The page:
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The Ruins on Corregidor Island: Who is the Real Protagonist?

Uncomfortable, I ignore photos of relatives and acquaintances proudly displaying their military badges. It seems to me they have already signed a contract that they may die anytime, anywhere.

One of the SAF44 massacred last year in the name of their profession was a schoolmate of mine and no word could describe my anger when their commander-in-chief denied his participation in the mission.

My reality would just be a hundredth of the sorrow of parents, friends and loved ones of those who died on Corregidor Island during World War 2 when America regained the Philippines from the Japanese.

According to Armando, our tour guide, he found one dog tag on the island and sent it to an American authority that keeps such item. One day, he received a letter from the family of the owner the dog tag informing him that the soldier was 19 when he died during the war.

After visiting Corregidor Island and exploring what’s inside the wood lands of the island, I could not imagine how thousands have cursed that island where their loved ones were either shot to death, tortured in the arms of the enemies, or said to have committed hara-kiri.
To reach the island, we had to ride a ferry from Manila. Almost half of the passengers of were Caucasians.

Although the sun was shining brightly as we approached the island, it seemed we were leading a gloomy day.

Upon reaching the island, a tour bus was waiting for us. A group of Japanese had a separate bus, and our tour guide reminded us about the nature of our tour: Filipinos and Americans cannot mix with the Japanese audience because each has a version of what happened on the island.

The tour started with pure humor from the charming guide who spoke over the microphone. However, everything started to change when he showed the photo of a baby bayoneted to death in the open air by a Japanese soldier.

As taught in class, the Japanese, who captured the Philippines from America, were the antagonists. When Gen. Douglas McArthur came back to the Philippines, his team defeated the Asian military super power and regained control over the archipelago.

To the Japanese audience, things are different. It was their forefathers that liberated the country from Western forces.

As the tour started, we were showed mines created by the Japanese. According to the tour guide, the mines were discovered during previous typhoons.

If you are a lover of ruins, you will love Corregidor. We were taken to ruins of a huge hospital, barracks, offices, and even a cinema. Back then, Americans and Filipinos live in separate buildings. We were also brought to the Japanese Memorial Center.

All the ruins gave me that heavy feeling, imagining how lively the place was and how bloody it turned in to when bombs were falling like rain on the island.

I remember my late Auntie Endena telling me that the war broke the day he was wedded to her husband. Another tale says my grandfather Pablo Lizardo Sr. had to be kept inside evacuation caves in Sagada in fears of being mistakenly identified as American (Mrs. Agnes Kollin told me he had German blood).

It is undeniable that Corregidor was a luxury island then. Corregidor means “correcter”. During the Spanish era, it was used to check documents by ships entering Manila Bay. When Americans took over the country, it was renamed to “Fort Mills”.

The highlight of the tour was the show inside the Malinta Tunnel. Malinta means “full of leeches”. It served as an underground quarter and hospital then. Inside, we were shown footages of the war, and I was just speechless all throughout the show.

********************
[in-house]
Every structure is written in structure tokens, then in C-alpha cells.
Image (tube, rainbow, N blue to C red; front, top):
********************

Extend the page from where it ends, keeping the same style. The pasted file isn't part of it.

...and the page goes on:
The beams of the small tunnels departing from the main tunnel have collapsed already. Everything looked fresh to me. The visuals and other effects helped me imagine American soldiers longing to be back to their family after the war and the Japanese soldiers praying for grace from their Divine Emperor.

The tour guide narrated that he had guests who have lived on that island and have witnessed everything he was saying. Among of them were nurses who spent months and months of uncertainty inside the tunnel caring for the sick and the wounded, an American veteran who became a prisoner of war, and a gentle man who was born in the hospital on that island that lost its glory to war.

Even if the audio quality was poor, the message was clear- war belongs to history only.

We were brought to sites where big guns were mounted. It was sad seeing the machines that killed thousands of people during the time when people still believed war was the answer to conflicts.

Posing beside one of the big guns is something cool. Not for me this time, but I still did it as a social media requirement.

When the Japanese was defeated, soldiers inside the tunnel decided to commit massive hara-kiri. The Japanese government exhumed the remains of their soldiers years after and were cremated before these were brought back to their native Japan.

Now, Corregidor is but a ghost island with no residents but employees taking care of the island preserving it for academic and tourism purposes. It is now being managed by Tourism Infrastructure and Enterprise Zone Authority or TIEZA, which actually sponsored our tour so we could help tell the story of that lonely island in Cavite, miles away from Manila. A million thanks to TIEZA's Chief Operating Officer Mark Lapid for helping in arranging the tour for us.

At three, our ferry arrived to bring us back home. I reached my apartment and took a bath as if I attended the funeral of one of my loved ones who are now proud soldiers of the country.

Christian is a Marketing Communications practitioner in Quezon City. He is an Igorot from Sagada, Mountain Province. To get in touch with him, please shoot an email to christianaligonow@gmail.com.


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